Mr. Francis Salvador lived on Corn-acre or Coronaca creek in Ninety-six district. He was one of the few members of the provincial congress from the up-country, a man of much ability, enthusiasm and patriotism. When the dreadful tidings of the Indian uprising reached him that day, he mounted his horse and galloped to the home of Major Andrew Williamson, twenty-eight miles away; he found that officer already aroused to the horrors of the situation and busily endeavoring to collect forces. But the settlers were terror stricken, several hundred had been murdered and the survivors had but one thought and that was to get their families safely into the nearest forts. He waited two days and only forty men had volunteered. With this small band Major Williamson with Mr. Salvador started on the 3rd of July for the Indian villages resolved to punish them severely. But when the settlers had provided for the safety of their wives and children, many of them hurried to join him and on the 5th there were 110 men with him, on the 8th his band increased to 222 and on the 16th they numbered 450; reinforcements came from Charlestown and also from Georgia and on the 22nd of July he was at the head of 1,150 men. Meanwhile he had been advancing from his home towards the Cherokee country and was encamped on Baker's creek, a few miles above Moffattsville. Here his scouts brought him the news that Alexander Cameron, thirteen white men and a band of Indians were camped on O'connor Creek about thirty miles away, and Williamson determined to surprise and capture them before they could hear of his proximity. He therefore selected with care three hundred and thirty horsemen, the brave Mr. Salvador accompanying him and started about six o'clock on the evening of July 31st planning to surprise the enemy before day. About two in the morning of the first day of August they drew near the town of Essenecca (or Seneca). A party of his men who had visited the place two days before had reported to him that the town was thoroughly evacuated; trusting to this report he carelessly neglected to send out advance scouts, rode into an ambush and was surprised and completely routed by the Indians at this town. Quoting Major Williamson's report of the event:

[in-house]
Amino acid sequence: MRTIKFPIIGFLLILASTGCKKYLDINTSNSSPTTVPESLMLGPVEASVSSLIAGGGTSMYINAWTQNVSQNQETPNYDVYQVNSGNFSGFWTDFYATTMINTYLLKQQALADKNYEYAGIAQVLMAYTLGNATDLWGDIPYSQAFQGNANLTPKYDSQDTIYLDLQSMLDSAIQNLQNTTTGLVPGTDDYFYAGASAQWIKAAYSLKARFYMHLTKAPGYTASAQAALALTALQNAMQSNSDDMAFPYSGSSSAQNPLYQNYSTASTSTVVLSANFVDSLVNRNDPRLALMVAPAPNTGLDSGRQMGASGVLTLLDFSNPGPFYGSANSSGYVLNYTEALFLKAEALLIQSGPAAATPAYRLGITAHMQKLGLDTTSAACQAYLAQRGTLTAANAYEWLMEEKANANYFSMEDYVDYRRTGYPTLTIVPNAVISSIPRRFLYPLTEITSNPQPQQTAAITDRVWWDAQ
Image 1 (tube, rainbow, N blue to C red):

"The enemy either having discovered my march or laid themselves in ambush with a design to cut off my spies or party I had sent out, had taken possession of the first houses in Seneca, and posted themselves behind a long fence on an eminence close to the road where we were to march, and to prevent being discovered had filled up the openings between the rails, with corn blades, etc. They suffered the guides and advance guard to pass, when a gun from the house was discharged (meant I suppose as a signal for those placed behind the fence, who a few seconds afterwards poured in a heavy fire upon my men), which being unexpected, staggered my advance party. Here Mr. Salvador received three wounds and fell by my side; my horse was shot down under me but I received no hurt. Lieut. Farar of Capt. Prince's Company immediately supplied me with his. I desired him to take care of Mr. Salvador, but before he could find him in the dark, the enemy unfortunately got his scalp which was the only one taken. Capt. Smith, son of the late Capt. Aaron Smith, saw the Indian, but thought it was his servant taking care of his master or could have prevented it. He died about half-after two o'clock in the morning, forty-five minutes after he received the wounds, sensible to the last. When I came up to him after dislodging the enemy, and speaking to him, he asked whether I had beat the enemy, I told him yes, he said he was glad of it, and shook me by the hand, and bade me farewell and said he would die in a few minutes. Two men died in the morning, and six more who were badly wounded I have since sent down to the settlements and given directions to Dr. DeLaTowe and Russell to attend them. I remained on the ground till daybreak and burnt the houses on this side of the river and afterwards crossed the river; the same day reduced Seneca entirely to ashes."

An Extract from another report gives further particulars: